Most governmental Post Offices and commercial package transporting companies discovered that calculating rates and placing stamps on packages are error-prone and time-consuming. These are functions better done by computers - put the package on the scale, key in the destination code, and, Voila! A label is created with the the proper rate, tracking information barcodes, ledger entries created to balance against the cash in the clerks drawer, credit cards debited if that option is selected, and many other features invisible to the mailer. Some of these include determining the amount of space needed on the flight to Wherever, the size of the truck needed to service Post Office X, among other options.
The Irish Postal Agency, An Post, initiated a new type of labels that first appeared in Dublin’s St. Andrew’s Street branch. This was a white self-adhesive with the postal information printed as needed. Initially, these were restricted to bulky or heavy items, however, they were also used for letters and packets. The label contains information on the type of service to be provided, the cost, and the total paid. Unlike previous systems, the name of the servicing office is not included, but a number, the GROF code, identifies the position to specific window position in a post office. It also prints a bar code that is linked to the Track and Trace system, which can provide tracking information to the customer for an additional fee. The labels are known in two formats; the scarce SDS, and more common Eire Post formats. Both formats have the words Postas and Iochta (Postage Paid) printed vertically on the sides of the label.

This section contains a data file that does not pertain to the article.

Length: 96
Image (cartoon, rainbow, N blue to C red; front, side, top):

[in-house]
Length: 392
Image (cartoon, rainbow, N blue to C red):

The glue used on the labels is tenacious, but collectors are equally determined. They can be loosened with repeated dosages of lighter fluid (Careful! - it’s flammable).
Are they stamps or labels? Call them as you wish, they exist, , and were used to show payment for postal services.Are they as pretty as a stamp? Not really, but “Beauty lies in the eyes of the beholder”. The “Powers-That-Be” however were aware of this shortfall and the current generation “SOAR” labels are the result, giving some of the beauty of postage stamps along with the efficiency of the computer age. Can they be collected? Why, of course.
Check The Revealer for updates on what is happening with the postal services in Ireland. In addition, A searchable CD of the past 50 years of back issues is available from the Special Offers Chairperson so you can be informed on this and other postal matters.